Where does Bitcoin come into all of this? When used by professional criminals, Bitcoin transactions can be set up to be completely untraceable, leaving the FBI powerless to track down attackers.
In many of the latest ransomware attacks reported in a survey by KnowBe4, targets lost access to all of their data, had their backups deleted and were forced to pay up to five Bitcoins — a value of more than $7,000 at Bitcoin’s current value — to the attackers.
Ransomware trends prove network security isn’t enough
Cybercriminals are clever, and unfortunately, they read the same industry reports as those working to prevent them. New variants on attack methods and encryption keys come out faster than security software can keep up, making even the most heavily protected servers vulnerable to a new form of attack.
As of early 2017, there were 276 known ransomware strains — and attackers don’t limit themselves to stealing your laptop or desktop data. There were more than 132,000 ransomware attacks to cellphones in 2016. Businesses that do get hit and don’t have sufficient external backups in place lose, on average, 33 man-hours per machine attacked. That accounts for both the IT employee working to restore the system and the person who can’t work until his or her machine is restored.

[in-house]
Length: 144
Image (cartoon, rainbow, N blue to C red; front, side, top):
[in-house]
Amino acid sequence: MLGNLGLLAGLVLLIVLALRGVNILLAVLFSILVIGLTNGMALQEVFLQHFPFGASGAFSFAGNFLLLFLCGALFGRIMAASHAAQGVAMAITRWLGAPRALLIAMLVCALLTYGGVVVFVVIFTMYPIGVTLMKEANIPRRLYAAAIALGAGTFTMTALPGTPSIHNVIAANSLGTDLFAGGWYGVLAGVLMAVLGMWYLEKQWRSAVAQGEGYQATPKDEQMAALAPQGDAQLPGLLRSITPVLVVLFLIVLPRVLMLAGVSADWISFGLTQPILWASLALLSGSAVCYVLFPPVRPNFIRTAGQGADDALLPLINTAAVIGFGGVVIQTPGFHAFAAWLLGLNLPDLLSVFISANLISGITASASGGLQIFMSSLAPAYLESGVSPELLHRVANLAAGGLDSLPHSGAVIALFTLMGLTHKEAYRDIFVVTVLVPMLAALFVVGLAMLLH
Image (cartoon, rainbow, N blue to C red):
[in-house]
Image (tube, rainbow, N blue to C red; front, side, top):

You can’t underestimate your ransomware risk, says Kelvin Murray, a ransomware risk researcher with Webroot. The encryption methods used by professional cybercriminals are so sophisticated that they are impossible to decrypt.